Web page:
The recent box office success of Steven Spielberg’s movie Ready Player One, out on DVD and Blu-ray this month, has sparked a fascinating debate about how real the online world is, with some people asking whether it is better than the real thing. It is in the film, with characters appearing to be better looking, more skillful and more fulfilled than any of them are in the real world. While he lives in a slum in real life, when Wade Watts becomes Parzival, he becomes cool, hip and lives a much more exciting life.
The movie might be set 30 years in the future and seem a little far-fetched, but how far are we from living our lives online? How much time do we spend outside of the real world and how much of our lives are now a little more than a few lines of computer code?
These days, shopping online is considered normal, and the high streets and shopping malls are fading fast. People can order almost anything they want from their armchair and have it delivered to their door the next day. It’s quick and convenient, and it offers, quite literally, all the choice in the world. However, there is no interaction with the items before you buy, and no friendly advice from the shop assistant about what color looks best on you or what speakers would sound right in your apartment. And it doesn’t stop there.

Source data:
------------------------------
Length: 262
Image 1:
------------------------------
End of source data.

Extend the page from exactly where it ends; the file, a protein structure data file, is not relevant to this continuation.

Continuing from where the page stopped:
Check out the latest apps and you’ll find hundreds of different virtual games, ranging from the quirky and fun to full-on VR environments that are not that far away from Parcival’s OASIS. You can find virtual Mum and Dad apps, a DJ, pool and school, for those who haven’t had enough during term time. You can even find virtual surgery, guts and all. And who could forget the famous virtual pets, the Tamagotchi, that every little one carried not so long back?
Living in the virtual world makes life so much easier, after all, Tamagotchi never smelled, messed on the rug or woke you up by barking in the small hours. And it can have more practical uses, too, with apps like Tinder taking away the awkwardness of a first date, and airline apps like Air China, allowing you to check in for your flight before you’ve even left home. You can even find the PokerStars app, which lets you change your cards if you don’t like them and peek at the next card in the deck to give you the edge.
Of course, real life is never this easy, so it’s no surprise that we are spending more and more of our time online. In fact, for some people, the line between reality and its virtual equivalent has become so blurred that they even object to the phrase real life, preferring AFK or away from the keyboard to describe their offline life.
At the end of the day, it is up to each of us to choose which apps we download and use. We have to decide whether we want those apps to augment our existing life by helping us to find love or a great deal on our next phone or take us away from it to fight epic battles, a long time ago in a galaxy far, far away. And maybe, sometimes, the latter is not such a bad thing. Just ask Parzival.